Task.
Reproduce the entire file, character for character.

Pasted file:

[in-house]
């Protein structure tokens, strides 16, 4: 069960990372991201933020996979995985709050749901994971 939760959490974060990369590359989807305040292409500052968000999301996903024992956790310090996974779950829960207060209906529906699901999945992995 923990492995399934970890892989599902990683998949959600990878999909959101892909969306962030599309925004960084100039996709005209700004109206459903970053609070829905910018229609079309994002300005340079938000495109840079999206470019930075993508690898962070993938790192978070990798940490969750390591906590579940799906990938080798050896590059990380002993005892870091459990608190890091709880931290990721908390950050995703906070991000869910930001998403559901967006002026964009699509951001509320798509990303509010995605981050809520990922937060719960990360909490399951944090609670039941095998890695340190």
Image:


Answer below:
[in-house]
């Protein structure tokens, strides 16, 4: 069960990372991201933020996979995985709050749901994971 939760959490974060990369590359989807305040292409500052968000999301996903024992956790310090996974779950829960207060209906529906699901999945992995 923990492995399934970890892989599902990683998949959600990878999909959101892909969306962030599309925004960084100039996709005209700004109206459903970053609070829905910018229609079309994002300005340079938000495109840079999206470019930075993508690898962070993938790192978070990798940490969750390591906590579940799906990938080798050896590059990380002993005892870091459990608190890091709880931290990721908390950050995703906070991000869910930001998403559901967006002026964009699509951001509320798509990303509010995605981050809520990922937060719960990360909490399951944090609670039941095998890695340190």
Image: